=Mix 2-3 drops with water in an oil burner to refresh the room.

=Add a couple of drops to a foot bath to prevent fungal infections.

=Apply one drop of neat tea tree oil directly to a spot or pimple but do not use on the surrounding skin.

It is easy to confuse the term ‘oil’ with pore clogging oils that can be found in make-up, skin and hair products. Essential oils do not congest the skin and so are fine for oily or acne prone conditions. Oils that do congest the skin and should be avoided are: lanolin oil and mineral oil which is also known as parrafinium liquidium, petroleum or paraffin.

Important things to remember with tea tree oil:

DO NOT ingest tea tree oil.

=Always buy pure essential oils.

Tea tree oil is not suitable during pregnancy or breast feeding.

Not suitable for children.

Keep in a safe place away from direct sunlight and out of reach of children/pets.

Be aware that tea tree oil is super concentrated and must never be used in large amounts.

If the skin becomes irritated discontinue use immediately.

Tea tree oil should only be used externally.

This information is not to be confused with or taken as medical advice.

For a complete understanding of essential oils speak with a qualified aromatherapist.

Pure Tea Tree oil and almond oil are both available from Face @ 7-9 Broomfield Road, Chelmsford, Essex CM1 1SY; Tel: 01245 496578 or shop online at www.shopatface.com or email: sarah@faceinternationalgroup.com

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Natural Skincare – Almond Oil

Natural Skincare – Almond Oil

by Sarah Perry

Copy write 2010

Publishes in The Face of Chelmsford Magazine summer edition.

Natural Skincare is a regular feature in The Face of Chelmsford that gives us an opportunity to familiarise our      readers with nature’s best natural skincare and remedies.

In each issue I will feature a different ingredient that you could easily use to improve the condition of your skin and body. In this issue I want to share with you the benefits of Almond Oil.

Almond or sweet almond oil comes from the almond tree, native to the Middle East. It has many benefits for the skin and hair, making it a versatile natural product which can be used for treating many conditions. Almond oil may not be suitable for those with nut allergies.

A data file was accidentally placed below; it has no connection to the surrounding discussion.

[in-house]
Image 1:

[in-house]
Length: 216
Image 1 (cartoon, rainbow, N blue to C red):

This natural oil is rich in vitamin E as well as vitamins B1, B2 and B6. Other elements also found in almond oil include magnesium, iron, calcium and copper.

How to use:

Pour a small amount of the oil into the palm of your hand and  gently massage over the skin (face and body) and even the hair, if desired.

Benefits:

  • Helps to heal chapped skin
  • Rehydrates and nourishes
  • Improves complexion
  • Excellent for calming and soothing the skin, hair and scalp
  • Nourishes hair and smoothes cuticle

 

Almond oil is fairly inexpensive but can go off if stored in the wrong conditions. To prevent this, always store the bottle away from  direct light and ensure the lid is replaced after each use.

Essential and carrier oils are available from

Face: 7-9 Broomfield Road | Chelmsford | Essex | CM1 1SY

Tel: 01245 496578

online @ http://www.shopatface.com

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What to look out for…

What to look out for…

with Philippa Barnes of Truly Madly Vintage

copy write 2010

publishes in The Face of Chelmsford Magazine April edition

Now that spring is officially here thoughts turn to the new season’s fashions and what we will all be wearing for Spring/Summer 2010. I have compiled a review of the hot new looks and given you some ideas as to how you will rock them in the season ahead. Whether you source your clothes from the high street or seek out vintage finds you will be sure to find fantastic ways to tick all the 2010 style boxes.

Girls – Ice-cream pastel shades are the colours of spring with the air of freshness and vitality that they bring to your wardrobe now that winter has passed us by. Pastels are easy to bring into your wardrobe with soft

and sheer tops and knitwear or, for that special occasion, go all out with a gorgeous dress in sheer floaty fabric.

Playsuits in their many forms from rompers to jumpsuits are certainly here to stay for another season or two. They come in many styles from short and tailored, à la Karl Largerfeld, to loose and flowing as seen in the Stella McCartney catwalk show. Available in a multitude of colours and prints they make a wardrobe basic that can take you anywhere.

Guys – The slim fit silhouette is still definitely the key look for this season but you can bring a new edge to it with military or Victoriana themes. For the more adventurous pastel tailored suits and jackets will really make you stand out from the crowd.

For everyone – Denim is always in fashion and this season will see the return of double denim. Once a fashion faux pas but now the epitomy of cool it was seen at lots of catwalk shows. The trick to pulling off this look is to mix the shades of denim, so wear a washed out shirt with your dark wash skinny jeans.

philippa@trulymadlyvintage.com

www.trulymadlyvintage.com